PNC American Sign Language Club Fun Night

Purdue University North Central American Sign Language Club will host an ASL Fun Night on Monday, Nov. 9 from 5:30 to 7:30 p.m. in the PNC Library-Student-Faculty Building Assembly Hall, Room 02. The event is free and open to the public.

Participants are welcome to bring a favorite: board game, card games or decks of playing cards, snacks and drinks. Hearing and deaf children are invited to attend with an adult.

This will be a casual, enjoyable evening with a fun atmosphere featuring ASL humor, storytelling and games for all to enjoy through participation or as an observer. Guests with all ASL abilities are welcome – whether a beginner, fluent, or simply interested in knowing more. This is an appropriate time to practice ASL, make new friends and learn some new signs to better communicate with friends, co-workers or family members.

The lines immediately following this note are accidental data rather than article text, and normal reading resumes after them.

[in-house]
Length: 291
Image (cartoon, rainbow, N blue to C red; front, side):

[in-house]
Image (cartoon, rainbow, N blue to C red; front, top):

Further information about this event may be obtained by contacting Karen Donah, PNC continuing lecturer and Coordinator of American Sign Language, at 219-785-5432 or kdonah@pnc.edu. The PNC ASL Club and the Northwest Indiana Deaf Community are on Facebook. Information about other events in the community is posted at: http://nwidhhc.weebly.com/

Persons with disabilities requiring accommodations should contact Donah.

PNC Colloquium Looks at the Influence of American Food Habits

Purdue University North Central will present a Social Sciences Colloquium with Dr. Hui Chu, assistant professor of Psychology, speaking on “Feel American, Watch American, Eat American?” on Oct. 21 from 10 to 11 a.m. in the Library-Student-Faculty Building Assembly Hall, Room 02. The event is free and open to the public.